Tuesday July 7, 2009
From M.S. Enkoji of The Sacramento Bee (www.sacbee.com): Dining at some restaurants will be a new experience starting today, when California becomes the first state to require that chain restaurants supply calorie counts for virtually everything they serve.
"Consumers should be able to make informed decisions about their health and it will raise the consciousness of how much we eat," said John Rogers,Sacramento County environmental health division chief.
There will be no guessing – or denial – about that double Western Bacon Cheeseburger from Carl's Jr.: 960 calories. Side of Chili Cheese Fries to go with that? 990 calories. Maybe stick to the fried zucchini at 330 calories?
The new law requires restaurants with at least 20 stores in California – about 17,000 locations statewide – to provide a brochure on site listing calories, sodium, saturated fat and carbohydrates for each menu item. Both sit-down and drive-through restaurants must comply.
Drive-through menus must notify customers that the information is available at the pickup window.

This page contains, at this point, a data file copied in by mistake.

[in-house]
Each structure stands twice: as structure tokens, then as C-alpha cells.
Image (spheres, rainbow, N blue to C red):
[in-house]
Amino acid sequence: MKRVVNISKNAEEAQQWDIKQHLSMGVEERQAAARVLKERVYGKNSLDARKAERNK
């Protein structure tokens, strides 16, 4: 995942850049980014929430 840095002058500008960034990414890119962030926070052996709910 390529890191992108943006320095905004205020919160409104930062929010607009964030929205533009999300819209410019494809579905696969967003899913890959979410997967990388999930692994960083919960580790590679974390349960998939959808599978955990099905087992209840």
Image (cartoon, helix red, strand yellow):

A second phase, effective January 2011, will require restaurants to list calorie counts directly on menus or menu boards.
Alcoholic drinks aren't included. Also, at restaurants that serve only buffets, such as Hometown Buffet, you'll be on your own.
Menu labeling was conceived as a way to help customers make choices, said Rogers. His department conducts restaurant inspections, which will include monitoring for proper menu labeling.
Consider this information from Rogers' department: An estimated one-third of all calories ingested by Americans are from restaurant food, and studies show that diners will shave off as much as 100 calories a meal when presented with calorie counts. FULL STORY